Blue amonite drawing

CREATORS – Steven Gawoski

In ALL, CREATORS by Alice Fleerackers

Name: Steven Gawoski

Which came first in your life, the science or the art?

It is hard to say. As a child I was a compulsive naturalist. Pouring over field guides, crawling around in fields for insects, getting soaked in creeks after pond life, scaling the scree in gorges to ferret out fossils, and haunting beaches for shells and crustaceans. Cap that off with aquariums, reptiles, amphibians, and birding. Parallel to that I had an omnipresent stack of paper, a drawing desk, and the desire to internalize natures forms and complexity.

Pink drawing of tabacco pair
Tobacco Pair in Red (2018), 20 x 24 inches, colour pencil on paper
Courtesy of Steven Gawoski
yellow drawing of the photic zone
Photic Zone Yellows (2019), 24 x 12 inches, colour pencil on paper
Courtesy of Steven Gawoski
black and white drawing of Euglypha
Euglypha (2018), 13 x 20 inches, graphite on paper
Courtesy of Steven Gawoski

Which sciences relate to your art practice?

Taxonomic morphology relating to the geometric structures in microscopic biology. Re: pollen (botany), plankton (oceanography), and arthropods (entomology, etc.). Also a smattering of fossils (invertebrate paleontology).

What materials do you use to create your artworks?

Graphite or monochrome coloured pencil on paper.

graphite drawing of pigweed progress
Pigweed Progress (2018), 20 x 24 inches, graphite on paper
Courtesy of Steven Gawoski
Green drawing of geranium vista
Geranium Vista (2017), 32 x 22 inches, colour pencil on paper
Courtesy of Steven Gawoski
Colour drawing of dinoflagellate
Dinoflagellate Summer (2018), 24 x20 inches, colour pencil on paper
Courtesy of Steven Gawoski

Artwork/Exhibition you are most proud of:

I have a series of 4 very large drawings (50 X 114 inches [127 X 289.6 cm]) I did back in the 20th century. I just don’t have the convenience of time to spend 4-6 months on a single drawing these days. These monolithic works can be viewed on my website under the category of ‘Bigs’.

Which scientists and/or artists inspire and/or have influenced you?

Ernst Haeckel most obviously, though my familiarity with his works happened after I was way down this rabbit hole. I believe you can gain knowledge from any work. Some sources that I find useful—be it on philosophical or granular technique level—are: Paul Cezanne, Mark Tobey, Albrecht Dürer, Yves Tanguy, Leonard Baskin, Buckminster Fuller, Paul Landacre, Gustave Doré, Vigil Finley, Bernie Wrightson, Vija Calmins, Alexander Ross, Japanese Ukiyo-e landscapes, the Hudson River School, and many 17th – 18th century botanical artists.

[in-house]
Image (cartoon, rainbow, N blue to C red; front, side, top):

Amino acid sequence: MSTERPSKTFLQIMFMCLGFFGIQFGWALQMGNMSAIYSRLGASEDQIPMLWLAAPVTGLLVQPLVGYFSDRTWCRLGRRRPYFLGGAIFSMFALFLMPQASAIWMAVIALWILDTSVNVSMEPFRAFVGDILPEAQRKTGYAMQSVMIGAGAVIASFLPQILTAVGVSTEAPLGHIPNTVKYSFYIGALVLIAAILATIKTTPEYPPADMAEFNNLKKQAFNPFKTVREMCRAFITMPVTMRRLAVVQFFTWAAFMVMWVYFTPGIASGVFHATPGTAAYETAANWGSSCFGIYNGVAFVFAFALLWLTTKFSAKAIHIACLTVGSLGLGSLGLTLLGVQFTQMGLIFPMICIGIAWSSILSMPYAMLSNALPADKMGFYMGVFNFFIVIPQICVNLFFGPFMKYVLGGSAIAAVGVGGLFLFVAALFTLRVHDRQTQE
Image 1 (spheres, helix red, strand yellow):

dark red artwork of Crystalwort
Crystalwort (2019), 24 x 24 inches, colour pencil on paper
Courtesy of Steven Gawoski
black and white image of radiolaria
Radiolaria (2017), 13 x 20 inches, graphite on paper
Courtesy of Steven Gawoski
blue artwork of trench denizens
Trench Denizens in Blue (2018), 20 x 13 inches, colour pencil on paper
Courtesy of Steven Gawoski

Is there anything else you want to tell us?

Most of my reference material are from SEMs (scanning electron micrographs). I find that repeatedly drawing the same structures repetitively breaks them down into simple line and shape formulae. I first do a thumbnail sketch of the overall concept. Then I work out elements on tracing paper which, transfer them to the desired arrangement, and fill in the texturing.

Find out more at Steven Gawoskiart’s website, Facebook, Instagram, or Twitter, or check out Art the Science’s Works Post.

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About the Author
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Alice Fleerackers

Alice is a freelance writer, a researcher at the ScholCommLab, and an editor at the Art the Science blog. With degrees in both psychology and publishing, she is fascinated by the confluence of science and story, and is passionate about bringing research into everyday life. As a journalist, she’s had the pleasure of interviewing media specialists, psychotherapists, anthropologists, and many others on everything from the psychology of cat videos to the “science” of astrology. In her spare time, she rides her bike, dabbles in spoon carving, and—yes—occasionally, reads her horoscope. Twitter: @FleerackersA